Even for the most experienced physicians, leading rounds in the often chaotic and always unpredictable environment of an ICU can present some unique challenges.
During the session, Herding Cats: Running Effective Rounds in the ICU, on Monday, October 9, a panel of critical care physicians discussed various techniques and tools for conducting rounds and teaching during rounds in the ICU.
The nuts and bolts
William Bender, MD, MPH, Assistant Professor at Emory University School of Medicine and ICU Medical Director at Emory Saint Joseph’s Hospital, began the session with an overview of the key characteristics of ICU rounds, including the composition of the care team and a favorable ICU rounding structure.
Much like everything else with health care, there tends to be a large amount of variability in the structure and delivery of ICU patient care rounds, Dr. Bender said. Some of it is, not surprisingly, driven by resource constraints, most often staffing related, but some of it is also driven by local culture. At the same time, there have been relatively few true standards or guidelines for how ICU rounds should be performed.
While a physician skilled in intensive care is obviously a key component for successful rounds, he said that the bedside nurse is perhaps the most essential participant for patient care rounds. Based upon local staffing practices, the bedside nurse spends anywhere between 33% and 100% of their time with each patient, Dr. Bender said.
“They can offer an incredible perspective on the current condition of the patient, how the patient has done to treatment responses, the overall care preferences of the patient, as well as outcome expectations—what the patient is thinking, what the family is thinking as they go through their ICU stay,” Dr. Bender said.
The rounding team should also include the critical care pharmacist to assist clinicians with pharmacotherapy decision-making and dosing, he said, as well as the respiratory therapist to ensure respiratory care data are accurately delivered on rounds, allowing for the formation of an appropriate daily respiratory care plan.
Radu Postelnicu, MD, Assistant Professor at NYU Grossman School of Medicine, discussed the importance of integrating patients’ family members into ICU rounds. As the one constant across the continuum of care, families are key to the shared decision-making process, and they want to be included in rounds if able to join, he said.
Family engagement can help to decrease patients’ fear and anxiety and lead to improved relationships, communication, and trust in the medical team. And rather than creating an additional burden on ICU staff, the presence of families can actually speed up rounds when integrated in a structured manner, Dr. Postelnicu said.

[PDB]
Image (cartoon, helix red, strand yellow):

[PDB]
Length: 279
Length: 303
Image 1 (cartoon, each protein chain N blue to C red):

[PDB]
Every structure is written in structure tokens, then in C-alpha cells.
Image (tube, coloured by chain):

Tools for improving rounds
Kerry M. Hena, MD, Assistant Professor in the Division of Pulmonary, Critical Care, and Sleep Medicine at the NYU School of Medicine, discussed the efficacy of various methods and tools for studying and improving ICU rounds.
The ABCDEF bundle is an evidence-based guide for clinicians to coordinate multidisciplinary patient care in the ICU, but its utilization has yielded variable results in the literature, Dr. Hena said.
Additionally, she said that studies assessing the use of checklists or clinician-prompting tools have yielded contradictory results.
Despite a strong conceptual rationale, the evidence demonstrating that checklists actually improve clinical outcomes is limited. Some studies suggest that checklists improve the use of evidence-based practice and aid in error avoidance. However, other studies show persistent quality gaps despite the use of rounding checklists, Dr. Hena said.
There is growing evidence, she said, that emerging artificial intelligence systems have the potential to provide efficient organization of information in the ICU that could improve important patient outcomes and provide helpful rounding support.
Teaching across disciplines
Maryam Kaous, MD, Assistant Professor of Medicine and Medical Director of the Cardiac Critical Care Unit at the University of Texas Health Science Center in Houston, concluded the session with a discussion of the challenge of teaching across multiple disciplines while rounding in the ICU.
The high stress of the ICU environment, combined with unstable patients, time constraints to not only finish rounds but also to address family members and any ICU-related issues, interactions with other consultants, and the varying educational backgrounds of team members all pose unique challenges to becoming an effective teacher in the ICU, Dr. Kaous said.
It is important that clinicians leading rounds create an optimal learning environment that promotes learner engagement, encourages input, and provides opportunity for feedback.
Success in the ICU is truly dependent on many team members working together, and interprofessional bedside rounds have been shown to lead to improvement in communication, increased input from the entire team, and clarity on task assignments and roles, Dr. Kaous said.